On Monday, the Redmond, Wash., software giant announced new licensing options for two new centralized architectures based on Windows Vista Enterprise Edition, which is available only to customers in the company's Software Assurance software maintenance program.
First, Microsoft introduced a new subscription license called Windows Vista Enterprise Centralized Desktops, which enables end users to run virtual machines centralized on server hardware.
Windows Vista Enterprise Centralized Desktops is available to Software Assurance customers at an annual, per-device free that varies based on whether the customer is licensing a PC or a thin-client device.
The second option is the right to use Windows Vista on diskless PCs, or those that lack hard drives or the ability to store data locally. It is free to customers that sign up for Software Assurance.
Microsoft's changes primarily impact enterprise customers, since Vista Enterprise is available only to volume license customers that sign up for Software Assurance. Microsoft said the changes will give enterprise customers more flexibility in how they deploy Vista and partners new opportunities to sell hardware and software solutions, such as virtualized and centralized desktops, diskless PCs, SANs and servers.
But the changes also signify Microsoft's loosening grip on its core PC desktop business, which is under siege from VMware's successful enterprise hosted-desktop model and other multi-user computing models by Linux rivals and startups such as nComputing.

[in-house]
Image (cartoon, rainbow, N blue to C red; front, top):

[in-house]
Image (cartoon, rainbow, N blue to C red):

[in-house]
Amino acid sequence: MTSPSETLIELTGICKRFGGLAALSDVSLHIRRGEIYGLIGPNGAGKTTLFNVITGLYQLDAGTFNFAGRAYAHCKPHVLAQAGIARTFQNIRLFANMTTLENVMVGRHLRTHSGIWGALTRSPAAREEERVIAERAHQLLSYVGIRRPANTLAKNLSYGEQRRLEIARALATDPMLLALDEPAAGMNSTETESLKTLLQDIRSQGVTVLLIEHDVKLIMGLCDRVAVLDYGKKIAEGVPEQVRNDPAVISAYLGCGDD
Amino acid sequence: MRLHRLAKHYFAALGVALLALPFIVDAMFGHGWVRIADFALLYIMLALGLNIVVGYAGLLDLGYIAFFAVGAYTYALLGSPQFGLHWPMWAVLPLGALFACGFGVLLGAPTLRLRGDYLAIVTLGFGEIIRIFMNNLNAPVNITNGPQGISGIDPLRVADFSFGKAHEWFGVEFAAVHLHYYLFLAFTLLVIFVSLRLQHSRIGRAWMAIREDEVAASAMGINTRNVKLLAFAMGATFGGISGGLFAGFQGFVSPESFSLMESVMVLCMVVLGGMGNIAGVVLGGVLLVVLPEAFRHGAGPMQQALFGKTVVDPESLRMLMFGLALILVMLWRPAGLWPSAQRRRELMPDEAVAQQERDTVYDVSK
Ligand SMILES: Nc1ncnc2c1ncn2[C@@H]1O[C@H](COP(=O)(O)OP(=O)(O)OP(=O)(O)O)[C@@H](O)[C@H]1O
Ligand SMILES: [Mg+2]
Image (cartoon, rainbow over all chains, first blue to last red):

VMware's enterprise hosted desktop allows customers to deploy hundreds of secure, virtualized Windows desktops from a central server.
Several partners who participate in the lucrative virtualization business said they have made lots of money over the past 12 months deploying VMware's enterprise hosted desktop.
One ISV said Microsoft is under pressure to bend its licensing rules or lose Vista business. "This helps them move Vista licenses," said David Crosbie, CTO of Leostream, which develops and supports virtualization management platforms. "We have a lot of customers who are looking at VMS because they do not want to do a hardware refresh, so they can use the existing hardware and remote desktop into Vista running inside a virtual machine."
The second option Microsoft made available this week is the right to use Vista on diskless PCs. Microsoft is making this option available free to Software Assurance customers and said it will allow customers to move data and applications to centralized storage such as SANs.
But industry observers sid the change is also Microsoft's response to multi-user computing options from Linux rivals and firms such as nComputing, whose solution makes it possible to use one Windows PC to host seven or more free Windows desktops without buying additional licenses.
Microsoft has declined making any changes to its highly lucrative desktop licensing model because of its stronghold on the market, which for many years hovered at about 95 percent share.
But the company's iron grip on the PC desktop is fading because of the impact of virtualization software in uncoupling the software from the hardware, multi-user models and emergence of software-as-a-service models embodied by Google.
One enterprise consultant said Microsoft must bend and go with the flow of the market to keep its Windows franchise healthy.
"VMware has about 85 percent of the virtualization marketplace in enterprise customers and is minting money as the trend accelerates. VMware poses a real threat to an area Microsoft wants to secure and grow," said the longtime Microsoft consultant. "Microsoft made a major error not buying VMware when they could have and then misread the virtualization trend. As a result, Microsoft has not yet put a good equivalent into the market but is scrambling to adapt what it has and
get what it needs out the door."